Blind Adventurer Erik Weihenmayer Talks About ‘No Barriers’ And Receives Victory Award® | MedStar Health

Blind Adventurer Erik Weihenmayer Talks About ‘No Barriers’ And Receives Victory Award®

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At age 13 Erik Weihenmayer lost his eyesight due to a condition called retinoschsis, characterized by the abnormal splitting of the retina’s neurosensory layers.
Determined not to let his blindness become him, Erik learned to rock climb. Through time, he took that determination further – from simple rock formations to daring challenges very few humans would try – conquering all seven summits of the world and boldly attempting kayaking down the roiling rapids of the Colorado River.

Erik recently spoke to MedStar NRH Team Members at a special event, held at the Carnegie Institute in Washington, D.C.,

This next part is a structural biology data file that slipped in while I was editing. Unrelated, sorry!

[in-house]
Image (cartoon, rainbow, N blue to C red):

Weihenmayer talked about his book No Barriers: A Blind Man’s Journey to Kayak the Grand Canyon. He said that he was not going to let his disability prevent him from his daring feats. “Some people are campers,” said Weihenmayer. “I’m a climber.”

Some facts about Erik Weihenmayer:
• May 25, 2001 – Erik became the only blind person to reach the summit of Mt. Everest
• At age 13, he developed a condition known as retinoschsis (an eye disease characterized by the abnormal splitting of the retina's neurosensory layers, usually in the outer plexiform layer. Most common forms are asymptomatic, some rarer forms result in a loss of vision in the corresponding visual field) which robbed him of his vision
• He was a wrestler in high school despite being blind and represented his home state of Connecticut in a national junior wrestling championship in Iowa
• He discovered rock climbing as a teenager and developed the ability to scan aspects of rock formations with his hands and feet as he climbs
• Graduated with a double major from Boston College
• Was a middle school teacher and wrestling coach

For more information about Erik, check out his website -

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